salts are produced by boiling an acidic solution of copper(II) ions in an excess of copper. On dilution, the white CuCl or the pale yellow CuBr is produced. Addition of soluble iodide to
an aqueous solution of copper(II) ions results in the formation of a copper(I) iodide precipitate, which rapidly decomposes to Cu(I) and iodine.
The copper(I) halides are sparingly soluble in water and much of the copper in aqueous solution is in the Cu(II) state. Even so, the poor solubility of the copper(I) compounds is
increased upon addition of halide ions. The table below shows some properties of copper(I) halides.
Copper(II) halides
m (BM)
All four copper(II) halides are known although cupric iodide rapidly decomposes to cuprous iodide and iodine. The yellow copper(II) chloride and the almost black copper(II) bromide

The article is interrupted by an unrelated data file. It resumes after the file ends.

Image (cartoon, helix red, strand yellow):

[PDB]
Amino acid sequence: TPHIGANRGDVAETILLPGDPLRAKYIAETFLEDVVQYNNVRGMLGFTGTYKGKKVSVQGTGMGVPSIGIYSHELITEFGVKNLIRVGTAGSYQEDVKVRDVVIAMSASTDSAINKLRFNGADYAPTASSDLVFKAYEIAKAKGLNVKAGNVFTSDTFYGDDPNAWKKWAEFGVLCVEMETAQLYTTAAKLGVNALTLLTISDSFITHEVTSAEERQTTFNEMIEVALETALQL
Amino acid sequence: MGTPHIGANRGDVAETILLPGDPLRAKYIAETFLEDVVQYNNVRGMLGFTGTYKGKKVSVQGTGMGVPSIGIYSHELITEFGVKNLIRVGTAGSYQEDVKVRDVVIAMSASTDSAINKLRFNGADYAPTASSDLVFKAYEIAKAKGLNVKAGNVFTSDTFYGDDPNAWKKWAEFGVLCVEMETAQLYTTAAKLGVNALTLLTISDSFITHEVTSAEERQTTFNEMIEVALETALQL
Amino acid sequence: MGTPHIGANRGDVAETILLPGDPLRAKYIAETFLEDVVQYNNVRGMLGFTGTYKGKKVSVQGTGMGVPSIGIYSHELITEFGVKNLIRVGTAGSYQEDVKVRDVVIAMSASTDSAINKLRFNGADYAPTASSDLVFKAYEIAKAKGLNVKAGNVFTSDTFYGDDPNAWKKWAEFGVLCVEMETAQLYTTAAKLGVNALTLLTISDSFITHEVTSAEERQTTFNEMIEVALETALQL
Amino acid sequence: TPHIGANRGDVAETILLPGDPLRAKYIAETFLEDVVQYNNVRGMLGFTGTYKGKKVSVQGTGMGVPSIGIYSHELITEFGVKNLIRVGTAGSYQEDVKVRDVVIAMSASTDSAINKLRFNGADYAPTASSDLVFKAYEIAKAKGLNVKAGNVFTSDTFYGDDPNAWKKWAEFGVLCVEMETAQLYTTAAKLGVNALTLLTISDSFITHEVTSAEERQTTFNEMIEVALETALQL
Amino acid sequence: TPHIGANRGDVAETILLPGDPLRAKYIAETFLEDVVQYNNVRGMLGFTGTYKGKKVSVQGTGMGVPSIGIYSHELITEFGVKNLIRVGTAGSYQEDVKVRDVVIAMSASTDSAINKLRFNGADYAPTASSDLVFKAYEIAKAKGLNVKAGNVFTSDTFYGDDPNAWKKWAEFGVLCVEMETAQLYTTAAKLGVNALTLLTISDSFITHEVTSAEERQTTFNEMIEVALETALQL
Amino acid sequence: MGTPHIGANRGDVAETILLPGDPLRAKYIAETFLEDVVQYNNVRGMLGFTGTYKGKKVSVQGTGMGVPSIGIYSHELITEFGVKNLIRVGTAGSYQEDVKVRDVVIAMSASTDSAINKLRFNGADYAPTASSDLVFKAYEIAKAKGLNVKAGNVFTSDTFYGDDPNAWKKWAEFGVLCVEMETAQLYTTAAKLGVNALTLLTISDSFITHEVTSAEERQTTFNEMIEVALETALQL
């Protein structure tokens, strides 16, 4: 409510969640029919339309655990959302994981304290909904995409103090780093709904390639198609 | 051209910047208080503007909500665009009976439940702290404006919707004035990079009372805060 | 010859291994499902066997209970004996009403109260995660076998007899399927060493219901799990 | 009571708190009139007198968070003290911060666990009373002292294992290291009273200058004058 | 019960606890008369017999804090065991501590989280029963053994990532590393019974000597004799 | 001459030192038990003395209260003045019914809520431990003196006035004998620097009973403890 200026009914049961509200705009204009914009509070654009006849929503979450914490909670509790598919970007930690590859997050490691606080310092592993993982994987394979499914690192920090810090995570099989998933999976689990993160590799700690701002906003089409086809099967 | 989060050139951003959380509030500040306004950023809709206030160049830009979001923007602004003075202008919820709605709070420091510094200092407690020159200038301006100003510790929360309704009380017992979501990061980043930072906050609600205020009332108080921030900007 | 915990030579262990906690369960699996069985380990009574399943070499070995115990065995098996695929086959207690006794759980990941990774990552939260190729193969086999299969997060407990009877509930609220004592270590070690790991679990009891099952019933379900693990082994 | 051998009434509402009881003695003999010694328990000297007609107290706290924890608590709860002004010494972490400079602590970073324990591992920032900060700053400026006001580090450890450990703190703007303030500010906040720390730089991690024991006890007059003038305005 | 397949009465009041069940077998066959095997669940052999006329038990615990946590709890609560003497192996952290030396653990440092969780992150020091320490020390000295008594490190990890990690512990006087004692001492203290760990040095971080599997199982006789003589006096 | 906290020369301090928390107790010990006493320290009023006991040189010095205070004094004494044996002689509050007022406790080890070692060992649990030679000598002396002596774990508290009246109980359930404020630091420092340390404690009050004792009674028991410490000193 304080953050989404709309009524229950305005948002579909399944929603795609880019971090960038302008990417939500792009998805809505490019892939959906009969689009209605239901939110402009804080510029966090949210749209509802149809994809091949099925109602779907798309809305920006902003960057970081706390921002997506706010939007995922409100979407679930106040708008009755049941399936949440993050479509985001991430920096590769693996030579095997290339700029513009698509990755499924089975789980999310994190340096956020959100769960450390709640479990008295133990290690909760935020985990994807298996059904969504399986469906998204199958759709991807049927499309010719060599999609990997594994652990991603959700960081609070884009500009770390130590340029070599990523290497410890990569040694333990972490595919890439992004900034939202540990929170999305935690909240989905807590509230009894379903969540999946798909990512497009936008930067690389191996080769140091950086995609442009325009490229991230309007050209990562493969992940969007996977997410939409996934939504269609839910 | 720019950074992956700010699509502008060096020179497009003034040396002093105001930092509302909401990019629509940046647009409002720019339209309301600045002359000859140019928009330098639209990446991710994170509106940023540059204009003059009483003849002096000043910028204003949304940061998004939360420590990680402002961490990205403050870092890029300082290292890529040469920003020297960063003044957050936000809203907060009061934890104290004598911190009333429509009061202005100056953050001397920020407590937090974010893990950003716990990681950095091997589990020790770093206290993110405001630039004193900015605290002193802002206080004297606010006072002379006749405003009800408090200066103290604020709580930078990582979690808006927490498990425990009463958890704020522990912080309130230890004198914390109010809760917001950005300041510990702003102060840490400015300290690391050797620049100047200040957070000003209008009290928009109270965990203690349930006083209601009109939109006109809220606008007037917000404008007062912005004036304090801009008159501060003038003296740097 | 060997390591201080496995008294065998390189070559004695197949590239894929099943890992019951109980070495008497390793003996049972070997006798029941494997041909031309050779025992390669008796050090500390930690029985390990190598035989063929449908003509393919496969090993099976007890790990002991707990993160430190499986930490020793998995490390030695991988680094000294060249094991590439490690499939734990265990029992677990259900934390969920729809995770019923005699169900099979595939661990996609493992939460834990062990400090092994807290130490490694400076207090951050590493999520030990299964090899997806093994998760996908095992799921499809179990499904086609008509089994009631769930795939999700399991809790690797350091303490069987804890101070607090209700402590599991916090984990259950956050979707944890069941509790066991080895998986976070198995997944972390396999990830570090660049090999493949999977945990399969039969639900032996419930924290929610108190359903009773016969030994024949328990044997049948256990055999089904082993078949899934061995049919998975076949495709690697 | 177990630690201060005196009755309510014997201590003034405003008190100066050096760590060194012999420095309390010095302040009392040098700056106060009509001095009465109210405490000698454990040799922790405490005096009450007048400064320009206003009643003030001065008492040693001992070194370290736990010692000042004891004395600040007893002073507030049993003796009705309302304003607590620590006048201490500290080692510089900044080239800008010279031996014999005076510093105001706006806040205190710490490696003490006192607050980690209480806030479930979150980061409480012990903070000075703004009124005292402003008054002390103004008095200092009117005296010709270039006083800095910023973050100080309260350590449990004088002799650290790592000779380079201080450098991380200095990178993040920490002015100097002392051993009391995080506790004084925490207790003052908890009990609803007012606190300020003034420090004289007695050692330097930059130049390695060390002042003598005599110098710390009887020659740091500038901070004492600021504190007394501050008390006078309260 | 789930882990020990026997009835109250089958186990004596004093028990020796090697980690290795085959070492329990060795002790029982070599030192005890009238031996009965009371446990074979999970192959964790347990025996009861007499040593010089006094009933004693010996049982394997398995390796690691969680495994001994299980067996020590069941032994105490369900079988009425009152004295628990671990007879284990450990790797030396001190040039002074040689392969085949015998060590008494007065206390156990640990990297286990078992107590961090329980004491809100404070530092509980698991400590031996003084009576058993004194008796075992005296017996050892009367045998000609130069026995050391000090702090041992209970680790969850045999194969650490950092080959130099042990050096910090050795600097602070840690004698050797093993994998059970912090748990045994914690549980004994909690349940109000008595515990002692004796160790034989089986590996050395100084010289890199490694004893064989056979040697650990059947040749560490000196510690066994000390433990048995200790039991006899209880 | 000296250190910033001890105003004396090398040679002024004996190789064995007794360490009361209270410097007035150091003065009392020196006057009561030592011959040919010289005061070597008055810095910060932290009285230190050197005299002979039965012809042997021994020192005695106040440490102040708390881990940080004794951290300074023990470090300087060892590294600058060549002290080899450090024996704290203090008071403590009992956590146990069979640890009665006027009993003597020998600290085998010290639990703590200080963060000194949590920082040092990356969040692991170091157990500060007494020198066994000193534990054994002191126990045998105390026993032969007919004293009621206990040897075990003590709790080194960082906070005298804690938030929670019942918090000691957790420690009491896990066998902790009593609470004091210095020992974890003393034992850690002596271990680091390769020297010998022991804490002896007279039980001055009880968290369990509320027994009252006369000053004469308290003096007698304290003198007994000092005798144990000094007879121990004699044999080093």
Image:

are the common halides. These compounds adopt a structure with infinite parallel bands of square CuX4 units. Cupric chlorides and bromides are readily soluble in water and in donor
solvents such as acetone, alcohol and pyridine.
Copper(II) halides are moderate oxidising agents due to the Cu(I)/ Cu(II) couple. In water, where the potential is largely that of the aqua-complexes, there is not a great deal of
difference between them, but in non-aqueous media, the oxidising (halogenating) power increases in the sequence; CuF2 << CuCl2 << CuBr2.
They can be prepared by direct reaction with the respective halogens:
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Cu + F2 → CuF2;
Cu + Cl2 / 450 C → CuCl2;
Cu + Br2 → CuBr2
Alternatively they can be prepared from by heating -> CuX2
Copper(I) halides
Zinc Blende
Prepared by reduction of CuX2 -> CuX;
except for the F which has not been obtained pure.
Note that CuI2 has not been isolated because of the ease of reduction to CuI.
Copper Oxides
Copper(I) oxides are more stable than the copper(II) oxides at high temperatures. Copper(I) oxide occurs native as the red cuprite. In the laboratory, the reduction of Fehling's solution